Posts Tagged ‘journalism’

Citizen Journalism: friend or foe in public relations?

It is well-known that journalists and public relations practitioners have a love-hate relationship.  They need each other to survive in the cut-throat world they work in, yet neither is willing to openly acknowledge this and instead go on pretending they are adversaries.  But what happens if we throw a new player into the game?  Or more accurately, players.

With the lessening of the digital divide, citizen journalism is reaching new heights.  Differing from conventional journalism, citizen journalism is providing the public with an alternative.  The public has gained access to the communication tools of the 21st century and has promptly altered the traditional, dated mass media outlets as we know them.  As opposed to this traditional mass media, where it is held that journalists should report on what people need to know rather than what they want to know, citizen journalism is by the people for the people.

The relationship between public relations practitioners and journalists is based on the public relations practitioner feeding the journalist information about an organisation or event for a story, and in return the journalist gives them media exposure.

So with an understanding of the traditional relationship between media and public relations and an understanding of what is citizen journalism, naturally the question arises – is citizen journalism a friend or foe in public relations?

Friend? The beauty of citizen journalism, is that people can comment on and discuss issues that matter to them.  This provides a great insight to public relations practitioners trying to gauge the feelings and perceptions of their target publics

Citizen journalists also have the inclination to cover themes and places often ignored or forgotten by mainstream media.  This is called hyperlocal coverage.  Once again a benefit for organisations trying to reach narrowly defined target publics.

In addition, citizen journalism is often described as a watchdog for journalists.  They report either the other side of the story or the inaccuracies presented in the media.  This is a fantastic tool for public relations to tap into to ensure their publics are getting the full story and not just what the media sees fit to report.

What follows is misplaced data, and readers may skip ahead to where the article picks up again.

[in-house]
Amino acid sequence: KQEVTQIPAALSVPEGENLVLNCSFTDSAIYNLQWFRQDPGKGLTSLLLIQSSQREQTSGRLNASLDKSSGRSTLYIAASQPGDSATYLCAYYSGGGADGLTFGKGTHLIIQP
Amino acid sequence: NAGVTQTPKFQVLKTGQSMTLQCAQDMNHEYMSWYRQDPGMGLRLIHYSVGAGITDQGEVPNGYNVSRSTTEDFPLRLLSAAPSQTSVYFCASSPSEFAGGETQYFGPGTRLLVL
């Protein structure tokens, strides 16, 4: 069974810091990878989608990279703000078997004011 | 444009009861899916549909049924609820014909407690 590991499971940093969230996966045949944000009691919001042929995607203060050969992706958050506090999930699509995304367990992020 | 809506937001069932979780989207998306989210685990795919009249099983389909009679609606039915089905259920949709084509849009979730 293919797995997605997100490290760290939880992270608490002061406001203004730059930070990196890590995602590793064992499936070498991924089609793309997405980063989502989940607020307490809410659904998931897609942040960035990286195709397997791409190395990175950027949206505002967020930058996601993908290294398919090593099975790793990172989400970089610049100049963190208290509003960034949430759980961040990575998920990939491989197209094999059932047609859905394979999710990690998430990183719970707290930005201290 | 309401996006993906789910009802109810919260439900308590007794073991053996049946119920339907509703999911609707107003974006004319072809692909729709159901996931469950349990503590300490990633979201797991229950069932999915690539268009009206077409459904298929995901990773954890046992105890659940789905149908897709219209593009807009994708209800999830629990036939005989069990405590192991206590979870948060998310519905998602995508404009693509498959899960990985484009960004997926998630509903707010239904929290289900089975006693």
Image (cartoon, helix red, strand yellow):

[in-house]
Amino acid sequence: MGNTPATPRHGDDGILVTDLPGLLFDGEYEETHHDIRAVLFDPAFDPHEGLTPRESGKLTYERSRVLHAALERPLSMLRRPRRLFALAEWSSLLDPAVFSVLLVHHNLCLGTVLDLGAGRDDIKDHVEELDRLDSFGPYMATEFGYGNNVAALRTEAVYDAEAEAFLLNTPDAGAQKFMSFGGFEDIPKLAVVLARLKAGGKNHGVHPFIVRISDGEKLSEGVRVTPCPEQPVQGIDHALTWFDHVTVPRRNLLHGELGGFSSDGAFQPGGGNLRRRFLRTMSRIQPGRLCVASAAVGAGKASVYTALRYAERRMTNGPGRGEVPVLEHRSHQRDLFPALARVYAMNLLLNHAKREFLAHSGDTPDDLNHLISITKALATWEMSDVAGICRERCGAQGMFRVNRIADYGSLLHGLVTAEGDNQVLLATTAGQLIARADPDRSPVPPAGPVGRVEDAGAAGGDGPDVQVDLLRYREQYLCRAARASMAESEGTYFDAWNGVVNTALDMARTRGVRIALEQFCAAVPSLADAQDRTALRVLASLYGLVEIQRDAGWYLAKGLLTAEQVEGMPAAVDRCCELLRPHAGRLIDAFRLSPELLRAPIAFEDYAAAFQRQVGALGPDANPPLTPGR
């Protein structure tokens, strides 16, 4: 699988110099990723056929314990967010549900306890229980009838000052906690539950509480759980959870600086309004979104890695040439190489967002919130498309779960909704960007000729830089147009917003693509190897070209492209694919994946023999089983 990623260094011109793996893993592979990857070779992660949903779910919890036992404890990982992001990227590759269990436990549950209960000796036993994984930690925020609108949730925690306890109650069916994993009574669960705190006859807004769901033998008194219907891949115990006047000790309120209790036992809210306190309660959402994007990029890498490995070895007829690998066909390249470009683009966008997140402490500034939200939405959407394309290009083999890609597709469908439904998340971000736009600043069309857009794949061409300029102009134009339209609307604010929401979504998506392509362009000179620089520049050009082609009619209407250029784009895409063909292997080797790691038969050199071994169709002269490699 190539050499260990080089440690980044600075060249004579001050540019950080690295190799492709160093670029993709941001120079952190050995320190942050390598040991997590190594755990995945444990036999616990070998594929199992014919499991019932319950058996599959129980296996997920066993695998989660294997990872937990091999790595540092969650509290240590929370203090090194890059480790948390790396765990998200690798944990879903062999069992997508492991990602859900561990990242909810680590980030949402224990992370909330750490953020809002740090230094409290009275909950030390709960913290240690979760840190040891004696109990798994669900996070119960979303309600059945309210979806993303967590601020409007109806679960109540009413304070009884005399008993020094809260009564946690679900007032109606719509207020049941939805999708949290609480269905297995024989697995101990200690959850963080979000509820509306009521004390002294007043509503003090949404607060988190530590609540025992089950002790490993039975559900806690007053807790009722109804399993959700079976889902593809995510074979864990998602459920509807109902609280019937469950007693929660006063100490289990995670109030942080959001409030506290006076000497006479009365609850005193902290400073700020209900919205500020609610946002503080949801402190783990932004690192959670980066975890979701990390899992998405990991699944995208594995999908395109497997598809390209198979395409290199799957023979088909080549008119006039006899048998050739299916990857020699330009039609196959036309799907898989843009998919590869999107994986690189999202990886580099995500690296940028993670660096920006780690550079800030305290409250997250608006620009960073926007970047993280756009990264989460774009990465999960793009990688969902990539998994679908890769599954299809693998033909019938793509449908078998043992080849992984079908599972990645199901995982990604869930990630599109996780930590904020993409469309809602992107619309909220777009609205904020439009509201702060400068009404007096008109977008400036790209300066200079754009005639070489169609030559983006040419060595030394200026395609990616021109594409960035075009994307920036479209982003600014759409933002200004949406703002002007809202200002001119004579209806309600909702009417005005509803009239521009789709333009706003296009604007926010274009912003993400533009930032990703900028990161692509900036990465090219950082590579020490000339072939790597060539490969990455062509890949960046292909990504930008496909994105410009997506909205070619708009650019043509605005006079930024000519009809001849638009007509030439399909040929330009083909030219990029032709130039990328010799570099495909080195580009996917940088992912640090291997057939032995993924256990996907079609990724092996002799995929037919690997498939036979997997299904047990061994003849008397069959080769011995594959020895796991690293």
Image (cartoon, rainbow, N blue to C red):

Foe?  On the flip-side of the above arguments, there is of course a negative.  Although comment and discussion is enabled, the reporting can be fragmented and inconclusive.  This could mean that a message is either missed, misunderstood or lost in cyberspace and therefore of no benefit whatsoever to public relations as no-one is going to receive the message. Also, as a watchdog, citizen journalism can work against an organisation even when, or perhaps particularly when, traditional media are in support. 

Pacific Brands found this out the hard way when they were slammed in numerous blogs over cutting jobs in Australia and moving manufacturung overseas.  Whilst the organisation’s public relations practitioners worked over time to try and project key messages and mitigate negative publicity, citizen journalists all over Australia were writing about the realities of the organisation’s move.  In this case citizen journalists and traditional media were united and no stone was left unturned as they lashed out at the organisation.  Was it warrented?  Were there strategies that could have been implemented to lessen the attacks?  Maybe.  Maybe the organisation should have been more proactive and used citizen journalism to aid their cause.  I’m not sure that it would have been effective, but it’s a thought…

Perhaps it is not as easy as classifying citizen journalism as either a friend or foe.  Perhaps there is more to it than that.  Perhaps, as Dr Axel Bruns suggests,  citizen journalism can enhance traditional journalism – not replace it.  As such should public relations take advantage of both mediums?  Should it exploit the diversity of citizen journalism as deliberative journalism with hyperlocal coverage?  And also still rely on traditional journalism to get the organisation in the view of the general public?  I think so.  I believe that there is a happy medium and public relations stands to benefit greatly from both.  It’s all about knowing who the publics are and where they source their news from.  Once that’s sorted, the rest is up to them anyway!